Technology is changing at a pace that we have never experienced previously and with that comes new challenges for the ageing workforce. How to stay digitally literate.

In the past, mentoring and coaching was traditionally delivered by a more experienced (often older) employee to newer team members as a way of passing on knowledge. But what if the more experienced employees are the ones in need of training and mentoring, especially when it comes to technology?

It’s time to look at mentoring from a whole new perspective.

1.   Switching the roles around

Techopedia defines reverse mentoring as a process where older executives are mentored by younger employees on topics like technology, social media, and current trends.

The great news is that reverse mentoring benefits both parties. Younger employees feel a deep sense of connection because they’re contributing to the advancement and growth of their company at the highest level. And high-level executives are kept up to date and across new trends and technologies.

Reverse mentoring can be both formal and informal.  In-person, via Skype or at a company event. The more flexible the better! Both sides have the opportunity to grow and develop their professional skills and enjoy the feeling of helping others.

“We make a living by what we do. We make a life by what we give.”  (sometimes attributed to Winston Churchill, but not confirmed)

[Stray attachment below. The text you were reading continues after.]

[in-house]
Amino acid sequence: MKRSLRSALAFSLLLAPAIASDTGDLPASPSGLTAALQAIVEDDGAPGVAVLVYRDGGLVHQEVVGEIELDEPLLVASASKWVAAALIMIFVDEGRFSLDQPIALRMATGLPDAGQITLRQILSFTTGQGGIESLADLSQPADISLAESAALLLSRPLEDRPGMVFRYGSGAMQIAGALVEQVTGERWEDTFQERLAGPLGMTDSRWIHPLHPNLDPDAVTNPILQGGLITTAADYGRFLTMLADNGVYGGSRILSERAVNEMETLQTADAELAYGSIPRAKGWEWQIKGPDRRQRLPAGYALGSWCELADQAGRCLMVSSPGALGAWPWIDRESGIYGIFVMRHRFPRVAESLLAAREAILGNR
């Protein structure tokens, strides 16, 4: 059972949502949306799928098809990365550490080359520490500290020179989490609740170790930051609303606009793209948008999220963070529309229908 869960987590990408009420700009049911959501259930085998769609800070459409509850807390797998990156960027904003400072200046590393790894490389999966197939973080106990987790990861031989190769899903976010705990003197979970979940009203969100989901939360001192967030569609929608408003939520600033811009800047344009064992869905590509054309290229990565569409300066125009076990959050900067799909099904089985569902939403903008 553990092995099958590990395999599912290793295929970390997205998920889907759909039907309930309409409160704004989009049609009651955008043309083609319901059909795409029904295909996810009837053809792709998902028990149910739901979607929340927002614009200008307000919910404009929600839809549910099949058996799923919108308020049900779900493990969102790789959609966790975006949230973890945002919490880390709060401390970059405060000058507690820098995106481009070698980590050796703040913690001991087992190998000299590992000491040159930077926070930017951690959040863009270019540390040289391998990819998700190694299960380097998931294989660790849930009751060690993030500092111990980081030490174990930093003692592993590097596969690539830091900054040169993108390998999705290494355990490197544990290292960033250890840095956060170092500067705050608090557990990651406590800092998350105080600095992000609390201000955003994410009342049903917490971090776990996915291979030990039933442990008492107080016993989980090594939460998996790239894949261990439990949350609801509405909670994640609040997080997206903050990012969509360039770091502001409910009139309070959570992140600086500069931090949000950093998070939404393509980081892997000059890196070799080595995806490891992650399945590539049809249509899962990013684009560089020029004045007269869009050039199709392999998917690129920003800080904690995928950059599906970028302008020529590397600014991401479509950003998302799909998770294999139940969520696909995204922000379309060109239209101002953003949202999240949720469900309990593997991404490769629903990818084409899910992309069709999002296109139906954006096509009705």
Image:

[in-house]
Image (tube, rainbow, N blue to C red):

2. Micro mentoring

Micro mentoring begins when you create a small group (online potentially) and present that group with an informal opportunity for mentorships.

Modern technology has provided the tools and resources to connect via LinkedIn, Facebook or Twitter with an individual who has more expertise, experience or knowledge in a specific field (as opposed to connecting as an employee).

The popularity of micro mentoring has grown exponentially because of the connections millennials have at their fingertips. Their informal and casual nature prompts them to reach out in an instance.

Multiple mentors over a period of time is a common occurrence for millennials. Utilizing every single resource available Millenials are now leveraging micro mentor relationships for support with salary negotiation, job searching, team development, interviewing, and onboarding. A great network allows you to fast track insights and experience and build trust.  LinkedIn allows you to request mentee advice and then suggests possible mentors. Working out loud circles enable on or offline peer mentoring and enhanced accountability  on any topic, in any global location.

What a fantastic way to boost your knowledge, connections and confidence.

3.   Group mentoring

Group mentoring consists of multiple experts and learners gathered in a group setting for individual and structured development.

A group of sharp mentors who understand how to align skills, work with mentees to focus on improving their skills in a specific area of interest. Each mentee is paired with someone who has a similar background. An expert who is capable of understanding the individual’s unique life experiences and shares common ground with the mentee. This can work really well with groups of graduates in organisations or groups on a particular career pathway.

Each option has its own pros and cons. There is not a one-size fit all approach for team members to pursue growth. With the challenge of staying up to date and unlearning one of the core capabilities for the future of work, forward-thinking organizations need to update ways and means for continuing to iterate the centuries-old tradition of passing on wisdom, in new and disruptive ways.

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